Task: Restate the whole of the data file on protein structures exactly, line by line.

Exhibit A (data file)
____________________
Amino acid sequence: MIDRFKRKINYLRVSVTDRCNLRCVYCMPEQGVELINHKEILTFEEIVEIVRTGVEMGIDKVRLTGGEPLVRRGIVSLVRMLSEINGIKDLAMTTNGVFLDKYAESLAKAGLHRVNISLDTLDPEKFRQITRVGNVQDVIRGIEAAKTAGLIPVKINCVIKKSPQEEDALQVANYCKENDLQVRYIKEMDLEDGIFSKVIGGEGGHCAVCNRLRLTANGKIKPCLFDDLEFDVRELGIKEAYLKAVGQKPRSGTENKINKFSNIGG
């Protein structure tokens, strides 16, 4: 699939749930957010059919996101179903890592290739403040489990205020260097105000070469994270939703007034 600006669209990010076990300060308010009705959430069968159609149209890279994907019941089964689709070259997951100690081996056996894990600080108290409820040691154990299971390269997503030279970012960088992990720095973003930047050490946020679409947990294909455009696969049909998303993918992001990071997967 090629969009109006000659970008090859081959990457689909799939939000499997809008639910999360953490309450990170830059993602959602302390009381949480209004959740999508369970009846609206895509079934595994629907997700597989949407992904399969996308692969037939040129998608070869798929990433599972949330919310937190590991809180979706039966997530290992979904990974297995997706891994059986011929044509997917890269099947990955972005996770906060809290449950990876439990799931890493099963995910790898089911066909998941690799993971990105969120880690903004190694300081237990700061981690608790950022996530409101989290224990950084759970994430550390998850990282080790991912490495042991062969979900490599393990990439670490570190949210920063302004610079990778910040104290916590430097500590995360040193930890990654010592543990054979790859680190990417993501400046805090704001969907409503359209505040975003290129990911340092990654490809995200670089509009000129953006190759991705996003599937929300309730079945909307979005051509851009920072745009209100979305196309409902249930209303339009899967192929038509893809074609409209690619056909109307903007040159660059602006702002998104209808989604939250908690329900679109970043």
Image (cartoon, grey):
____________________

Amino acid sequence: MIDRFKRKINYLRVSVTDRCNLRCVYCMPEQGVELINHKEILTFEEIVEIVRTGVEMGIDKVRLTGGEPLVRRGIVSLVRMLSEINGIKDLAMTTNGVFLDKYAESLAKAGLHRVNISLDTLDPEKFRQITRVGNVQDVIRGIEAAKTAGLIPVKINCVIKKSPQEEDALQVANYCKENDLQVRYIKEMDLEDGIFSKVIGGEGGHCAVCNRLRLTANGKIKPCLFDDLEFDVRELGIKEAYLKAVGQKPRSGTENKINKFSNIGG
């Protein structure tokens, strides 16, 4: 699939749930957010059919996101179903890592290739403040489990205020260097105000070469994270939703007034 600006669209990010076990300060308010009705959430069968159609149209890279994907019941089964689709070259997951100690081996056996894990600080108290409820040691154990299971390269997503030279970012960088992990720095973003930047050490946020679409947990294909455009696969049909998303993918992001990071997967 090629969009109006000659970008090859081959990457689909799939939000499997809008639910999360953490309450990170830059993602959602302390009381949480209004959740999508369970009846609206895509079934595994629907997700597989949407992904399969996308692969037939040129998608070869798929990433599972949330919310937190590991809180979706039966997530290992979904990974297995997706891994059986011929044509997917890269099947990955972005996770906060809290449950990876439990799931890493099963995910790898089911066909998941690799993971990105969120880690903004190694300081237990700061981690608790950022996530409101989290224990950084759970994430550390998850990282080790991912490495042991062969979900490599393990990439670490570190949210920063302004610079990778910040104290916590430097500590995360040193930890990654010592543990054979790859680190990417993501400046805090704001969907409503359209505040975003290129990911340092990654490809995200670089509009000129953006190759991705996003599937929300309730079945909307979005051509851009920072745009209100979305196309409902249930209303339009899967192929038509893809074609409209690619056909109307903007040159660059602006702002998104209808989604939250908690329900679109970043």
Image (cartoon, grey):